Home Science You should RUB an itch instead of scratching it to ease the...

You should RUB an itch instead of scratching it to ease the irritation

0


You should RUB an itch instead of scratching it to ease the irritation because it activates a soothing pathway from the spinal cord

  • As part of the study researchers triggered the need to itch in the skin of mice
  • The researchers then monitored electrical impulses in the spinal cord of mice 
  • As they stroked their paws the itch sensation was relieved, the team discovered

Rubbing an itch instead of scratching it can ease the irritation more quickly as it activates a soothing pathway from the spinal cord, researchers claim.

Scientists from the University of Miami Miller School of Medicine investigated the neural pathways behind forms of ‘itch relief’ including rubbing and scratching.

People should stop scratching and start rubbing skin in order to activate an anti-itch ‘pathway’ in the spinal cord that calms the irritating sensation, the team said.  

Stroking or rubbing to relieve an itch can also reduce the risk of damaging the skin, especially in sensitive areas like the eyes, according to the Miami researchers. 

Stroking, or rubbing an itch starts a cascade of events inside the body including firing off neurons in the spinal cord that ease the irritation and sooth the skin. 

Stroking or rubbing to relieve an itch can also reduce the risk of damaging the skin, especially in sensitive areas like the eyes, according to the Miami researchers

Stroking or rubbing to relieve an itch can also reduce the risk of damaging the skin, especially in sensitive areas like the eyes, according to the Miami researchers

As part of the study, researchers triggered the need to itch in a mouse and then monitored neurons as they relieved that itch with a stroke.

The team from the University of Miami recorded the electrical response from dorsal horn neurons in the spinal cord while they stroked the animals’ paws.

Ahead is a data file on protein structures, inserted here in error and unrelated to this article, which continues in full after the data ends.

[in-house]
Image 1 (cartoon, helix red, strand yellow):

Dorsal horns sit at the back of the spinal cord and make up the central grey matter that form two arm shapes and are linked to both touch and itch.

The neurons fired more often as the mice were stroked and less often after the stroking ended, the researchers said.

The increase corresponds to the added touch, not increased itchiness, while the decrease corresponds to itch relief, according to the study authors.

The same decrease could be seen when the team directly stimulated touch-sensing neurons under the skin, the study authors said.

However, inhibiting both sensory neurons and a sub-type of anti-itch interneurons in the spinal cord failed to decrease the response from dorsal horn neurons.

Activating sensory neurons stopped the mice from scratching, the team said.

The results show that stroking sets off a cascade, activating sensory neurons under the skin that then activate anti-itch interneurons in the spinal cord.

This results in reduced dorsal horn neural activity and itch relief, scientists said.

Dorsal horns sit at the back of the spinal cord and make up the central grey matter that form two arm shapes and are linked to both touch and itch

Dorsal horns sit at the back of the spinal cord and make up the central grey matter that form two arm shapes and are linked to both touch and itch

The authors said: ‘Rubbing or stroking the skin is known to relieve itch. Rubbing or stroking of the skin is commonly used to relieve itch in sensitive areas like the eyes or nose and is also frequently used by chronic itch patients

‘We investigated the mechanisms behind touch-evoked inhibition of itch in mice. Stroking the skin reduced the activity of itch responsive spinal neurons.

‘We hypothesised that innocuous mechanical stimuli would inhibit itch signalling in the spinal cord.

‘Collectively, the data demonstrates that optogenetic [visual] stimulation of sensory nerves is capable of inhibiting itch-related behaviour without affecting pain-related behaviours.’

The research conducted on mice was published in the Journal of Neuroscience.  

ITCHING: A DEFENCE MECHANISM TO PROTECT HUMAN SKIN 

Itching is a strange sensation that scientists still don’t properly understand. 

It is technically known as pruritus and may have evolved as a way to protect the largest organ on the human body – the skin – from parasites and the build up of dead cells. 

This could also be the why itching can be contagious as ancient humans may have scratched themselves in response to other tribespeople doing the same.

Itching has its own circuitry – involving chemicals and cells in the body – that triggers the need to scratch. This is a human universal.

Recent studies have shown that rubbing an itch could be a more efficient way of tackling an itch as it triggers a ‘cascade’ of neuron activity in the spinal cord. 



LEAVE A REPLY

Please enter your comment!
Please enter your name here